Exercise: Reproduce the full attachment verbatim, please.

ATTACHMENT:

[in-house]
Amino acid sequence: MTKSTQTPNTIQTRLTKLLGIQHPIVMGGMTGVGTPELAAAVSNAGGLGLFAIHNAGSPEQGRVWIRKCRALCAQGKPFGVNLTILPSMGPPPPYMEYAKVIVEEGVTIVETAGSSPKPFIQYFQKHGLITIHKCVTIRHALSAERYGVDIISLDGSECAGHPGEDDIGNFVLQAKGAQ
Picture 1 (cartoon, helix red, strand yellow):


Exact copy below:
[in-house]
Amino acid sequence: MTKSTQTPNTIQTRLTKLLGIQHPIVMGGMTGVGTPELAAAVSNAGGLGLFAIHNAGSPEQGRVWIRKCRALCAQGKPFGVNLTILPSMGPPPPYMEYAKVIVEEGVTIVETAGSSPKPFIQYFQKHGLITIHKCVTIRHALSAERYGVDIISLDGSECAGHPGEDDIGNFVLQAKGAQ
Picture 1 (cartoon, helix red, strand yellow):